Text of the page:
A social misfit, a womaniser and probably last century's greatest mountain explorer, it is clear that people liked Eric Shipton. He made friends easily and kept the ones he made. Although he married only once, many women were drawn to him. Admirer Beatrice Weir was just 17 when she met him at a garden party in India. “Suddenly,” she later said, “there appeared this extraordinary brown-faced man, fairly small, with strong legs and a strong body, a shock of hair and slightly weak chin. He had blazing blue eyes everyone used to talk about; he just sat and looked. It was indefinable. I melted like an ice cube.”
Eric Shipton left, with Ed Hillary. Hillary saw Shipton as a hero and mentor.
It is a geographer’s curiosity more than a mountaineer’s desire to climb for the sake of a summit that marks most of Shipton’s writing. Although his Everest detractors may have rather snidely attributed this philosophy to sour grapes, Shipton had begun to argue about the “real value of climbing” long before the 1953 Everest scandal. When people allowed the cut and thrust of competition or money or fame to drive their activities, he felt, they stood to lose the values that made anything worth doing.
Shipton began climbing in earnest in the Dauphiné region of the Alps in the 1920s. He subsequently settled in East Africa to try his luck as a tea-planter, singularly pleased at the thought that his new home was just twenty miles from the foot of Mount Kenya (to the amusement of his house servants, he arrived at his farm with an ice axe, climbing boots, and several hundred feet of rope). In 1930, he received a letter from a British compatriot, H. W. Tilman, asking for advice on climbing in the mountains of East Africa. Their subsequent meeting and ascent of Kilimanjaro and Mount Kenya fused together one of the most important partnerships in twentieth century mountain travel and exploration.
Shipton made the first ascent of Kamet (India) in 1931, the highest peak to have been climbed at the time. In 1932, he was invited to join an expedition to Everest, the fourth European team to attempt the 8,848-m peak, following the disappearance of climbers Mallory and Irvine in 1924. Although the 1932 expedition and a subsequent attempt the following year were both unsuccessful, two important developments took place in Shipton’s personal career as a mountaineer. One was the thought, “Why not spend the rest of my life doing this sort of thing?”; the other was a growing feeling that Himalayan climbing had been beleaguered by the idea that a potentially successful expedition required colonising base camps with a “small town of tents”, hundreds of porters, and up to three reserve climbers for every man expected to attempt the summit. It was Lilliput laying siege to Gulliver by sheer force of numbers.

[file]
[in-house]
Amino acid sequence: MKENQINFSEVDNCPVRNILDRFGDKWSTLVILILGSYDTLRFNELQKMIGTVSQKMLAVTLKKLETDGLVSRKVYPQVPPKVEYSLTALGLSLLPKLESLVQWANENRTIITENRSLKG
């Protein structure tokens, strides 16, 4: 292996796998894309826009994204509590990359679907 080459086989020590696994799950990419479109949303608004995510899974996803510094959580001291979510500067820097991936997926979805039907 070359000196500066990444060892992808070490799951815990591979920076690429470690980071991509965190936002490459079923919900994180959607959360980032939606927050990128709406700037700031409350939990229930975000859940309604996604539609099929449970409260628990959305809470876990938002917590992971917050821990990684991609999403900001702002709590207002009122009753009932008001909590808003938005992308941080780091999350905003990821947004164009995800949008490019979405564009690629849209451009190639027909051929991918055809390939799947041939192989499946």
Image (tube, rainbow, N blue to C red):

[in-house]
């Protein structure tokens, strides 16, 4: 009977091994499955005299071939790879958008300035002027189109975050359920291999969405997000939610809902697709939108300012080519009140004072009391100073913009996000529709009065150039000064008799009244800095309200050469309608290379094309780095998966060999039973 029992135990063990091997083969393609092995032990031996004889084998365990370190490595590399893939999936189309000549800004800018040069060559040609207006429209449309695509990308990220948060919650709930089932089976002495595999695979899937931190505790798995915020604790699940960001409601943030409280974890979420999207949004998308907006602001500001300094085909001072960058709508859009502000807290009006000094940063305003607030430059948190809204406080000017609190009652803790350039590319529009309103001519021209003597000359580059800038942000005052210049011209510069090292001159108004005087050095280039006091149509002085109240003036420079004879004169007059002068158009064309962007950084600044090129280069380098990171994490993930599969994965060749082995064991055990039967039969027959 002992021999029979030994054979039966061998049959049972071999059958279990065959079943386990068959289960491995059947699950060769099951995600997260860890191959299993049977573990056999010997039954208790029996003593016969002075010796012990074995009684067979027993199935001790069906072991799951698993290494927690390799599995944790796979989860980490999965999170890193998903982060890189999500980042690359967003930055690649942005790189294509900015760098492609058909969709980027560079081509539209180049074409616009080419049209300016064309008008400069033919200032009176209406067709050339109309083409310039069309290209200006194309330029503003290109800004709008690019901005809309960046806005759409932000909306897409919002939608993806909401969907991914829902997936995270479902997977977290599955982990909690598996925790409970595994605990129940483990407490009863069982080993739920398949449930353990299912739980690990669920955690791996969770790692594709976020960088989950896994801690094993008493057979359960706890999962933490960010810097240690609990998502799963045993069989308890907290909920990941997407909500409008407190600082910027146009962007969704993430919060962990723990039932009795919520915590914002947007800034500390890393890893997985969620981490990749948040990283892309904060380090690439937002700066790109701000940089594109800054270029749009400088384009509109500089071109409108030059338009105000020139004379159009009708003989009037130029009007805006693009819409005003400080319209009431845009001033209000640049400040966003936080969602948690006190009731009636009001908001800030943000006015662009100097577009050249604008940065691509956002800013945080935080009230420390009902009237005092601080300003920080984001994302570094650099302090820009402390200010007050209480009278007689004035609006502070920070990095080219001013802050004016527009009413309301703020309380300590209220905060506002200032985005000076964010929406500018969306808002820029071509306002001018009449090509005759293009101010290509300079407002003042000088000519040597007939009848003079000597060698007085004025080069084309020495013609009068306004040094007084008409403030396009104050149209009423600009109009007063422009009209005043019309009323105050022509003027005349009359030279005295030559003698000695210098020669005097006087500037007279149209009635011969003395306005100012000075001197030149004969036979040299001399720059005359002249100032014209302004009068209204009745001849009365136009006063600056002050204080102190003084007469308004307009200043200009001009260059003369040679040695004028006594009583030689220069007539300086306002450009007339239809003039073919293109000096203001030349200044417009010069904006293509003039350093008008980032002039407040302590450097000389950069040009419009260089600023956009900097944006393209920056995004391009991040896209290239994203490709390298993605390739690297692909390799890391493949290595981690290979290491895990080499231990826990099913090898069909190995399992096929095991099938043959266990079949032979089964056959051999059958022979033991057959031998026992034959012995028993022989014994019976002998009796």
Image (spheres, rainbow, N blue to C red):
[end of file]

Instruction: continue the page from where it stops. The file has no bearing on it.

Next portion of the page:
But Shipton and Tilman developed a far simpler approach to climbing, cutting down drastically on unnecessary personal equipment and food not worth its value in weight. (During preparations for the Shaksgam expedition to the Karakoram in 1937, Tilman was strongly opposed to taking plates at all, insisting that they could eat and drink everything out of a mug. Fortunately for their party, Shipton decided in favour of the extra weight of four plates). More importantly, however, he felt strongly that no member of an expedition should be superfluous. Every person had a distinct and clearly defined role. There was no such thing as a “reserve” climber.
The territory west of the Shaksgam river in northern Pakistan—the Sarpo Laggo and Shimshal valleys, the Baltoro, Biafo, Hispar, and Braldu glaciers, and the Aghil range—is Shipton country, severely contoured, and with the highest concentration of 7,000- and 8,000 m peaks in the world. For the climber-explorer E. E. Shipton, whose 1937 and 1939 Shaksgam expeditions spent months surveying some 1,800 square miles of mountain territory in the Karakoram, it was the blank space on his map temptingly marked “UNEXPLORED”.